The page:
Georgia’s passage of one of the country’s strictest abortion laws has triggered a nationwide competition to lure TV and film production from the state in the event of a boycott.
Production in Georgia was responsible for an estimated $9.5 billion in economic impact last year, according to the state, so there’s plenty at stake.
“We’re seeing studios and talent considering the social impact of being more particular in picking the place where they shoot,” said Adrienne Willis, executive and artistic director of Lumberyard Center for Film and the Performing Arts in Catskill, New York, about two hours’ drive north of New York City.
Willis said she’s trying to attract productions to her facility by drawing a contrast between the new “fetal heartbeat law,” set to take effect Jan. 1, and the fact that Lumberyard is run by a woman. She said the number of inquiries she’s received has tripled since May, when Georgia Governor Brian Kemp signed the legislation into law.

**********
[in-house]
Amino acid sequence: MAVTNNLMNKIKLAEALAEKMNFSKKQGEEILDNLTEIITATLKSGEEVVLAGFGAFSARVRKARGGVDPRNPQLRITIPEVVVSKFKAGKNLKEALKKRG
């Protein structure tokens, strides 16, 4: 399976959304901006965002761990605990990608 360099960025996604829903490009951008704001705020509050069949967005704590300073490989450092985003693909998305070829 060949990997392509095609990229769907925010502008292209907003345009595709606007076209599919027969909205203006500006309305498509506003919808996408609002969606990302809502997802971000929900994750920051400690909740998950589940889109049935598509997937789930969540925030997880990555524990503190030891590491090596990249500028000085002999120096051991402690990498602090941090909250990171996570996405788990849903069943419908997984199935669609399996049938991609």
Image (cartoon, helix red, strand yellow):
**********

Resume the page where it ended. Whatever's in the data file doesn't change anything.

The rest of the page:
Georgia’s tax incentives and spending credits made it such a darling of Hollywood that the state surpassed California as the favorite setting for TV and film production in the U.S.
But the abortion law puts it in opposition to the more liberal entertainment industry, which finds itself increasingly at odds with state legislatures that have conflicting political agendas. Indiana and North Carolina, which tried to regulate the use of public restrooms, and now Georgia, with abortion, are among the states that have drawn boycott threats. See more here.